Last week, I was elected to the Linux Foundation Technical Advisory Board (TAB) during the Linux Kernel Summit in Seoul, South Korea. If anybody told me a couple of years ago, you are going to be elected to the TAB, I would have said “Are you kidding me?” Amazing things do happen!
What Do We Do?
The Linux Foundation Technical Advisory Board is responsible for advising the Linux Foundation board of directors on technical, social, and political issues regarding Linux and Open Source. The TAB consists of 10 voting members elected by a vote amongst all invitees of the Linux Kernel Summit for a 2 year term. The TAB members are elected by the Linux Kernel Community to represent the views of Linux developers and to foster constructive communication between the Linux Foundation leadership and the Linux developer community.
The TAB also acts in the background to identify and resolve issues for the Linux community before they become a problem. The TAB is intended to be composed of well-respected individuals who have good connections throughout the Linux community, and as a result, the TAB members know who to consult and work with when an issue needs to be resolved.
In addition, the TAB is directly responsible for a few projects.
- Ensure there is a planning committee for the Linux Plumbers conference every year.
- Run a ‘buddy’ program to help new Linux Foundation member companies learn how to be fine, upstanding Linux citizens.
- Respond to any issues of harassment or abuse within the kernel community.
For example, the TAB coordinated the response to UEFI Secure Boot to ensure that Linux would not be locked out of the consumer PC market, and has been active in helping member companies understand and be comfortable with the licensing obligations associated with Linux.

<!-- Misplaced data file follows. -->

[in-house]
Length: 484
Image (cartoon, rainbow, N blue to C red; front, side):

What Does it Take?
A good TAB member is well respected by the community, is a ready listener, is comfortable discussing both technical and social issues, and has a good understanding of how the Linux community works. Since the TAB deals with a wide range of issues, the ideal TAB candidate should be prepared to consider issues outside of their own area of expertise. Sometime the most important characteristic of a TAB member is recognizing when an issue is beyond their depth and to go searching for the right person to consult.
I am humbled and thankful for the trust my fellow Linux developers have placed in me by choosing me to represent them to the Linux Foundation. Developers are vital to the continued success of Linux, and encouraging and mentoring new developers to become successful contributors ensures the current and future Linux development needs are met. I plan to use my time on the TAB to mentor and help new developers become successful contributors.
I’d like to acknowledge Grant Likely (TAB Chair) for the information on TAB’s responsibilities in this blog. For more information on the TAB, please refer to The Linux Foundation Technical Advisory Board page.